Sunday, April 12, 2015

A Tale of the House and Senate Budgets

With both the Senate and House budgets now seeing the light of day, there is time to compare and contrast them both. The non-partisan budget website run by the Legislative Evaluative and Accountability Program and the Office of Financial Management website compares the House and Senate budget's here.  That graphic goes deep into the weeds and develops a side by side fiscal comparison between the two proposals.  The key differences in the budgets are as follows:  

1) How revenue is generated for each proposal
2) Funding Higher Education
3) The approach to teacher and state employee cost of living increases
4) Level and extent given to funding capital dollars for school construction.

The Washington State Budget and Policy Center released this graphic comparing the House and Senate Education and Higher Education Budgets.  Although there are substantial increases to K-12 education funding in both budgets, neither addresses the critical compensation segment of McCleary nor the local funding question.  The court has noted that the state is responsible for funding basic education, leaving local levies to cover “extras.”  Since our local levies fund a significant portion of teacher compensation, the legislature may be expected to come up with a part of that solution to satisfy the mandate of the court.  While there is some agreement on the education portion of the budgets, cuts in other directions, revenue, and how to approach higher education are far different in each.
One of the major points of contention is the revenue package.  The basic difference is that while the House develops extensive additional revenue options including a capital gains tax, the Senate only allows for closing tax preferences that are currently expiring.  The policy center shared this graphic for comparison between the House and Senate Revenue side.  As a reminder, the PTA is on record endorsing a new revenue budget - the proposal widely supported at legislative assembly highlighting the goal of funding McCleary is found here.  

Another difference is in Higher Education where the House offers to freeze tuition; the Senate takes that a step further by actually reducing tuition by 25% over the biennium.  The main concern with the Senate proposal is how the state answers the value of the GET pre-paid tuition programs that assumed a different cost for tuition.  These parents would be penalized under the budget plan as drafted and actually paying more for their investment than parents who did not participate.  Actuarial staff in the House, Senate, and Governor’s office is currently trying to come up with a solution that may involve a "stock split" for those parents who invested early to ensure that everyone benefits from the change.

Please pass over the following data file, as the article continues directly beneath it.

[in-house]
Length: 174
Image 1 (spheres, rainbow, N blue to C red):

The other challenge to the Higher Education proposal is the cost.  Under the Senate plan, the cost of living adjustments for most state employees is reduced dramatically.  As the economy picks up, departments are seeing more and more talent leaving state employment as salaries over the past decade have not kept up with the market.  In addition, health insurance costs have further eroded the benefits that employees have received leading, again, to an increase of talent leaving state service. The senate proposal attempts to address this challenge to the lowest paid workers by funding a base adjustment of $1,000 per year for the next two years.  The question is, however, whether or not that solution will be enough to stop the "brain drain" in the state and if it is legal.  Washington state law provides for the Governor to negotiate labor contracts and the legislature to vote them up or down. The law gets murky when the legislature offers up its own proposal.  A comparison metric on the two points of view is found here.

The legislature now faces the key test - can they resolve the big issues before the close of the session and, maybe, get to the marquee issue of Levy and Teacher Compensation, before the end of the session?  Time will tell.  Regardless, the PTA believes that if special session is necessary to resolve these issues that have over 50 years in the making, we should support our legislators taking additional time.  Sometimes, we need to let our people go into overtime to get the best result for our children. More next week!

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